Ronald Acuña Jr. is about to be even more valuable for the Atlanta Braves. The reigning NL MVP is poised to help the Braves get over top in the deep National League next season after having not won a postseason series the last two Octobers since winning the World Series in 2021. Acuña did not play in the Fall Classic that year, as he was still on the mend after tearing his ACL down in Miami in mid-July.
Well, that knee seems to be made of steel now, as Acuña was spotted working on his middle infield chops. Earlier this offseason, he was showing off his abilities as a switch hitter. While he is probably never going to have to do either in any game of consequence, kudos to him for working out new muscles in an attempt to keep things fresh and learn a few new skills while playing the game he loves.
It may have only been a few grounders taken in and around the second base bag, but Acuña already looks more comfortable as a middle infielder than Vaughn Grissom ever did. Should anything bad happen to Ozzie Albies or Orlando Arcia, in a pinch, just signal Ronnie Beisbol to come in from right field and play some second base or something. If Mookie Betts can do it, then Acuña can so do this.
It is all about repetition, something Atlanta must adapt with Ron Washington now leading the Angels.
As long as he stays healthy, the Braves will have a top-five player in baseball going forward in Acuña.
Ronald Acuña Jr. flashes the leather taking some grounders in the infield
If Acuña were to transition from right field to middle infield at some point, it might be more seamless than we all would think. He thrives in right field because of his range, athleticism, rocket arm and legs. As long as he is still fleet afoot, right field will always be a place Acuña calls home. However, his dexterity and footwork may be a reason why he could have success as a future middle infielder, too.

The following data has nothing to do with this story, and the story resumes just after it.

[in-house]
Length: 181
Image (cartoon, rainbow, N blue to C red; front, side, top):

Truth be told, defense is a big part of Acuña's game, but not the primary or secondary factor. His two greatest attributes are his power bat from the right-hand side of the plate, as well as his set of wheels on the base paths. His 40/70 season this past season was historic, which is why he was the runaway winner to be named NL MVP. But eventually, his legs will let him down and his game will have to pivot.
Look. Just because foot speed is one of the first things to go when a man leaves his 20s and enters his 30s doesn't mean he cannot retain some of his inherent levels of athleticism. He can still make plays defensively in the field, and do whatever he wants at the plate. It just may have to be more of the methodical variety. Be a student of the game even more to help gain and sustain one's edge in this.
The Braves are already a sound defensive ball club, but Acuña's versatility makes them even better.